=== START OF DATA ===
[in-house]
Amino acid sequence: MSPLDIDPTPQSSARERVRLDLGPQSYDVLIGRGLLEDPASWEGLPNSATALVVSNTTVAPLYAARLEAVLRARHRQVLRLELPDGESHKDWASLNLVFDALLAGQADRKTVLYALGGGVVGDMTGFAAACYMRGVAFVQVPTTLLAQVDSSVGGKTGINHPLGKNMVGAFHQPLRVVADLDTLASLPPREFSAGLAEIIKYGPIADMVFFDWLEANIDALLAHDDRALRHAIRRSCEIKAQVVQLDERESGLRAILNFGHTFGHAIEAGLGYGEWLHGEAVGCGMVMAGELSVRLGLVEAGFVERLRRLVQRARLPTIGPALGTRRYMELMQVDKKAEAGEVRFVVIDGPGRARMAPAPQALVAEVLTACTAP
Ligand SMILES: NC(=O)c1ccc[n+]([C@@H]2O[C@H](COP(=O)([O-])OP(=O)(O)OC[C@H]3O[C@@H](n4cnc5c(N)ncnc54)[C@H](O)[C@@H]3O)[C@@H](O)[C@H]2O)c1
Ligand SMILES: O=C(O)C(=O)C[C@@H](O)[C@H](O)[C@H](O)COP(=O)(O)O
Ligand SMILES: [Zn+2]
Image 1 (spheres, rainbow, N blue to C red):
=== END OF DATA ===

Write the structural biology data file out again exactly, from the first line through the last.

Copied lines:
[in-house]
Amino acid sequence: MSPLDIDPTPQSSARERVRLDLGPQSYDVLIGRGLLEDPASWEGLPNSATALVVSNTTVAPLYAARLEAVLRARHRQVLRLELPDGESHKDWASLNLVFDALLAGQADRKTVLYALGGGVVGDMTGFAAACYMRGVAFVQVPTTLLAQVDSSVGGKTGINHPLGKNMVGAFHQPLRVVADLDTLASLPPREFSAGLAEIIKYGPIADMVFFDWLEANIDALLAHDDRALRHAIRRSCEIKAQVVQLDERESGLRAILNFGHTFGHAIEAGLGYGEWLHGEAVGCGMVMAGELSVRLGLVEAGFVERLRRLVQRARLPTIGPALGTRRYMELMQVDKKAEAGEVRFVVIDGPGRARMAPAPQALVAEVLTACTAP
Ligand SMILES: NC(=O)c1ccc[n+]([C@@H]2O[C@H](COP(=O)([O-])OP(=O)(O)OC[C@H]3O[C@@H](n4cnc5c(N)ncnc54)[C@H](O)[C@@H]3O)[C@@H](O)[C@H]2O)c1
Ligand SMILES: O=C(O)C(=O)C[C@@H](O)[C@H](O)[C@H](O)COP(=O)(O)O
Ligand SMILES: [Zn+2]
Image 1 (spheres, rainbow, N blue to C red):